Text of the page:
Officially, the abstinence-only money was a Congressional earmark, but it was the White House's doing. "I found the argument about the earmark not coming from the administration to be disingenuous," says Scott Evertz, Bush's first AIDS czar. "The White House had a legislative office that was on the Hill pushing this! Sure, you can say it's [Sam] Brownback and [Dave] Weldon and the likely suspects, but they were up there on the Hill arguing for it." (Last month, senators Diane Feinstein (D-CA) and Olympia Snowe (R-ME) introduced the HIV Prevention Act of 2007, which would repeal the abstinence-only earmark. It remains to be seen whether it will pass, and if it does, whether Bush will veto it.)

Evertz was a Log Cabin Republican who trusted in the administration's good faith, and thus was quite shocked to see how HIV prevention funding turned into a patronage system for the religious right. "The ideologues in and around the administration are not scientists, and they're not even people in many cases who are concerned about data when it comes to proving the abstinence works," he says.

In her brilliant new book, The Invisible Cure: Africa, The West, And The Fight Against AIDS, Helen Epstein shows what some of the ideologues' policies have meant on the ground. Much of her reporting is from Uganda, a country whose history with the disease is hotly contested. In the 1990s, following a concerted campaign by both grassroots organizations and president Yoweri Museveni, Uganda became the first African country to see a significant drop in its infection rate. This wasn't the result of an abstinence campaign, but abstinence crusaders in the west claimed the country's success as their own, and it became a principal justification for Bush's PEPFAR policies.

Indeed, religious conservatives worldwide now tout Uganda's example. Last year in Nicaragua, I asked Monsignor Miguel Mantica, spokesman for the Archdiocese of Managua, why he thought abstinence education is appropriate in a country like his, where men rarely stick to one partner at a time. He replied that Uganda has proven that it works.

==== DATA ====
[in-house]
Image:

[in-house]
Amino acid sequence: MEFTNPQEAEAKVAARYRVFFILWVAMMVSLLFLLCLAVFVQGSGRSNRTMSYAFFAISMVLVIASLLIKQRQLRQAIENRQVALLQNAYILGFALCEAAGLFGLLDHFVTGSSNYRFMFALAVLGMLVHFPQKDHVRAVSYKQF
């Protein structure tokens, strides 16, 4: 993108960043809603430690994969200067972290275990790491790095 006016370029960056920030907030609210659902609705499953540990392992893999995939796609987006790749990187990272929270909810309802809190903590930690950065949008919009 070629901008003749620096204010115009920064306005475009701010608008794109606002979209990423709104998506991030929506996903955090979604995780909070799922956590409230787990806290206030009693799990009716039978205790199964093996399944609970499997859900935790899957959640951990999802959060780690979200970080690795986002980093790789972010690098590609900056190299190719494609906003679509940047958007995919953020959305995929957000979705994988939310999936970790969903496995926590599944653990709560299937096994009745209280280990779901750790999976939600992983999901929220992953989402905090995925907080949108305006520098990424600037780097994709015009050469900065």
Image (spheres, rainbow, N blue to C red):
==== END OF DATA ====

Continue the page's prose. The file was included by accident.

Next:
Epstein, who has a background in biology and public health, argues that people in East Africa, where the spread of AIDS has been especially catastrophic, don't have more partners over a lifetime than people in other regions, but they are more likely to have simultaneous long-term relationships. Citing the work of the sociologist and statistician Martina Morris, she writes that concurrent liaisons "are far more dangerous than serial monogamy, because they link people up in a giant web of sexual relationships that creates ideal conditions for the rapid spread of HIV."

Uganda's initial response to AIDS addressed this, and urged partner reduction, or "zero grazing," which was not the same as abstinence. Condoms played a role as well. "HIV infection rates fell most rapidly during the early 1990s, mainly because people had fewer casual sexual partners," Epstein writes. "However, since 1995, the proportion of men with multiple partners had increased, but condom use increased at the same time, and this must be why the HIV infection rate remained low."

Yet in a grotesque irony, PEPFAR funding has refashioned Uganda's anti-HIV campaign to fit the distorted notions of American conservatives (and their allies among Uganda's evangelical revivalists, who include First Lady Janet Museveni). "The policy is making people fearful to talk comprehensively about HIV, because they think if they do, they will miss funding," says Canon Gideon, an HIV-positive Anglican minister from Uganda who has been a leader in the clerical response to the epidemic. "Although they know the right things to say, they don't say them, because they fear that if you talk about condoms and other safe practices, you might not get access to this money."

Today, Uganda's infection rate is once again rising.

A few weeks before I came to Kenya, I spoke with Stephen Lewis, who until last year was the United Nations Secretary General's Special Envoy for HIV/AIDS in Africa. I asked how he understood the balance between the harmful and the helpful aspects of Bush's AIDS initiative. "It really is difficult to quantify," he said. "The only thing one can categorically say is that the overemphasis on abstinence probably resulted in an unnecessary number of additional infections." That this policy is celebrated as Bush's greatest moral achievement shouldn't be understood as praise.